Hillbilly Elegy: A Memoir of a Family and Culture in Crisis

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HarperCollins, Jun 28, 2016 - Social Science - 272 pages

#1 NEW YORK TIMES BESTSELLER, NAMED BY THE TIMES AS ONE OF "6 BOOKS TO HELP UNDERSTAND TRUMP'S WIN" AND SOON TO BE A MAJOR-MOTION PICTURE DIRECTED BY RON HOWARD

"You will not read a more important book about America this year."—The Economist

"A riveting book."—The Wall Street Journal

"Essential reading."—David Brooks,†New York Times

From a former marine and Yale Law School graduate, a powerful†account of growing up in a poor Rust Belt town that offers a broader,†probing look at the struggles of America’s white working class

Hillbilly Elegy†is a passionate and personal analysis of a culture in crisis—that of white working-class Americans. The decline of this group, a demographic of our country that has been slowly disintegrating over forty years, has been reported on with growing frequency and alarm, but has never before been written about as searingly from the inside. J. D. Vance tells the true story of what a social, regional, and class decline feels like when you were born with it hung around your neck.

The Vance family story begins hopefully in postwar America. J. D.’s grandparents were “dirt poor and in love,” and moved north from Kentucky’s Appalachia region to Ohio in the hopes of escaping the dreadful poverty around them. They raised a middle-class family, and eventually their grandchild (the author) would graduate from Yale Law School, a conventional marker of their success in achieving generational upward mobility.

But as the family saga of†Hillbilly Elegy†plays out, we learn that this is only the short, superficial version. Vance’s grandparents, aunt, uncle, sister, and, most of all, his mother, struggled profoundly with the demands of their new middle-class life, and were never able to fully escape the legacy of abuse, alcoholism, poverty, and trauma so characteristic of their part of America. Vance piercingly shows how he himself still carries around the demons of their chaotic family history.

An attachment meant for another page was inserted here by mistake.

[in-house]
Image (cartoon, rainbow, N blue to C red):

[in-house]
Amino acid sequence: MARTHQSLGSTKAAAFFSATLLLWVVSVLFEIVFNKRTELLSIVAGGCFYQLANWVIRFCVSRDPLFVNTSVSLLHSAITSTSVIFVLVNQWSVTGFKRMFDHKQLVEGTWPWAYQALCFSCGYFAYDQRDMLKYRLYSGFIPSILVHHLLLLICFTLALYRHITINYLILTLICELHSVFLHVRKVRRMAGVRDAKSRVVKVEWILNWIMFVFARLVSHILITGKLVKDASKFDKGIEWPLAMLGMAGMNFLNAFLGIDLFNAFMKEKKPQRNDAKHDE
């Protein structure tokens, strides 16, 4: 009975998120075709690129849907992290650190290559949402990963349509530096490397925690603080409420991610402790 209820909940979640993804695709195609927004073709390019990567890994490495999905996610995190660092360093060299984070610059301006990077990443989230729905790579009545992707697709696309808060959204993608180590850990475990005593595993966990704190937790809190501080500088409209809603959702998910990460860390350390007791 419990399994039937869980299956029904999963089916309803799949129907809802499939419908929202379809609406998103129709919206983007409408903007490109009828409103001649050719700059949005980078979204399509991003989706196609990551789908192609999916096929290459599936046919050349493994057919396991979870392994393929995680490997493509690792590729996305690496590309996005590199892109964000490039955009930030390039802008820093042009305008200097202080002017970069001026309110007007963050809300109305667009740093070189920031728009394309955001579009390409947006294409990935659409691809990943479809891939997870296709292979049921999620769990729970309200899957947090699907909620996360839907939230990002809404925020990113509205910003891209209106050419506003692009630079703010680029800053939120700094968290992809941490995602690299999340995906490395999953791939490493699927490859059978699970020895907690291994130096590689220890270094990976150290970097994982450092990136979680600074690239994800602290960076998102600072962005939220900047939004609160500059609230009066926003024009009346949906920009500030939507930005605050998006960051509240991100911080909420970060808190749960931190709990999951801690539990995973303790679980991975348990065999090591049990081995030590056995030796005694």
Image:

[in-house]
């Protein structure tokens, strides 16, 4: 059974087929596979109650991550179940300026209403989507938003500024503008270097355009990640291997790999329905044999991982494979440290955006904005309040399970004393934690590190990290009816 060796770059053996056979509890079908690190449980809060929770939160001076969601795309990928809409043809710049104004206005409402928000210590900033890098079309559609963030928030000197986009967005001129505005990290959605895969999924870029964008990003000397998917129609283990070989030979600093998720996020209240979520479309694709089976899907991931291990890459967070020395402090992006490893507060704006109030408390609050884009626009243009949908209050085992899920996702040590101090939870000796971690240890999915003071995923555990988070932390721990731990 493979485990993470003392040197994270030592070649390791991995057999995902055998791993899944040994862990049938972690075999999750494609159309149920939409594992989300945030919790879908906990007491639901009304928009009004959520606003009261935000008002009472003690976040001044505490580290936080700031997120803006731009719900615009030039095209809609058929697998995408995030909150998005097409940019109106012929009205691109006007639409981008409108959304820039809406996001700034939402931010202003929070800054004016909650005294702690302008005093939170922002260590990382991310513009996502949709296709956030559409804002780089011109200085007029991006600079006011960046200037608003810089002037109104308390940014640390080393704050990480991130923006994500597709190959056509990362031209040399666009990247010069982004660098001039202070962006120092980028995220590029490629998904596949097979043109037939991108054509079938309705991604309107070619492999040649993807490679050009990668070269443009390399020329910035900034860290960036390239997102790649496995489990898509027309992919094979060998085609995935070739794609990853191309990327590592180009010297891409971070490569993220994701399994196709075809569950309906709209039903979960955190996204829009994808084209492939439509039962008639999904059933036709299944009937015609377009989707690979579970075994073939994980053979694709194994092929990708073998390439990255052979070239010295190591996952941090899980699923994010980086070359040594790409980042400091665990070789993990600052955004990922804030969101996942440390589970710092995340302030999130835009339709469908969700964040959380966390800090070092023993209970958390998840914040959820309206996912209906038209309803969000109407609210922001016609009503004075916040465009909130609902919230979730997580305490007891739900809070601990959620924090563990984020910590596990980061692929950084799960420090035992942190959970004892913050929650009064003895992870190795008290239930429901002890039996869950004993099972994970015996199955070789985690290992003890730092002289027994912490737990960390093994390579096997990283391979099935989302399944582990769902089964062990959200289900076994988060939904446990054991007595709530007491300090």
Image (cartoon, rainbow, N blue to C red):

A deeply moving memoir with its share of humor and vividly colorful figures,†Hillbilly Elegy†is the story of how upward mobility really feels. And it is an urgent and troubling meditation on the loss of the American dream for a large segment of this country.

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LibraryThing Review

User Review  - sandra.pinkerton83 - www.librarything.com

Having grown up in Appalachia, I understand this story on personal familiar. While I avoided many of the experiences personally, I do recall the attitude acutely. Read full review

LibraryThing Review

User Review  - sleahey - www.librarything.com

An inside look at the obstacles inherent in growing up poor and white in Appalachia. The descriptions of Vance's childhood and family dynamics are heartbreaking, not that he's looking for any pity ... Read full review

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About the author (2016)

J.D. Vance grew up in the Rust Belt city of Middletown, Ohio, and the Appalachian town of Jackson, Kentucky. He enlisted in the Marine Corps after high school and served in Iraq. A graduate of the Ohio State University and Yale Law School, he has contributed to the National Review and the New York Times, and†works as an investor at a leading venture capital firm. Vance lives in Columbus, Ohio, with his family.

Author mail for J.D. Vance can be sent to the below:

P.O. Box 1040
West Chester, OH 45071

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